There is a pandemic of sexual violence running alongside the health pandemic caused by Covid-19, according to Elsa Marie D’Silva, founder of the Red Dot Foundation and president of Safecity. One in three women will experience some form of sexual assault or gender-based harassment in their lifetimes, and in D’Silva’s experience of working with women in India, she said almost all of her peers have been a victim, and yet none of them brought it to authorities. The ubiquity of violence against women has wide-ranging and severe consequences, both on an individual scale, and a societal level. Near daily harassment on public transit has resulted in women avoiding public spaces known to be unsafe, which in turn stunts their social and professional lives. The fact that women’s labor participation in India is 24% and is in a downward trend has much to do with this systemic issue of women feeling unsafe in the public arena, said D’Silva.
One impediment to cities and governments taking action on this issue is a lack of awareness of the problem, where it manifests, and how to devise fitting solutions. D’Silva’s platform Safecity collects and analyses crowdsourced, anonymous reports and data of sexual violence crime, identifying patterns and key insights which are then mapped to highlight assault hotspots around cities and on public transport. D’Silva noted the essential process of creating confidence and trust with women in the community sharing their stories in order to build such a data-laden resource. D’Silva also urged transport authorities to give women a seat at the table, so that relevant data points aren’t missed by biased reviewers lacking a feminine perspective.
“We all need to understand what sexual and gender-based forms of violence are,” she said. “Without understanding, we look at it with myopic lenses as one form or another, or rate it and grade it according to our unconscious bias. Most of us witness this violence but don’t report it. Most men aren’t perpetrators, but most men are silent bystanders.”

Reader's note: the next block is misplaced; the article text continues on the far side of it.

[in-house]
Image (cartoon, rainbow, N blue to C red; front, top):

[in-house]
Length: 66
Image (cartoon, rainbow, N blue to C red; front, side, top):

Sexual violence and harassment on public transport is an all too common experience for women. For example, in Mumbai, Safecity data was able to reveal that sexual assaults and harassment were clustered densely around railway lines and all major transport stations, barring one station. In investigating the station and comparing it to its more crime-dense peers, researchers were able to isolate the key differences which made it a safer environment for women – more visible police presence, more lighting, better cleanliness, more exits, and so forth.
Urban design plays a massive role in reducing crimes against women in public spaces and is a much more viable solution to the plague of violence than behavioral change over time. The lack of diversity among city planners and urban designers with regard to female input largely explains these gaps in awareness, said D’Silva.
“If you don’t have the lived experience of these situations, you won’t understand the answers and data you receive,” she said. “But a woman who has experienced this kind of harassment will understand the salience of certain feedback and how it might affect women’s behavior.”
Ensuring that public spaces and transport are welcoming of women enables their educational, professional, and social flourishing, which, as many studies have demonstrated, flows over into the women’s families and communities. A 2018 McKinsey & Company study found that if India were to achieve true gender equality in the labor force by 2025, it could add $770 billion to the national GDP.
Inclusivity, diversity, and safety are the fundamental building blocks for a public domain based on equality; as TUMI podcast host Sophia Sunder noted, “When women plan transport, women plan for all.”
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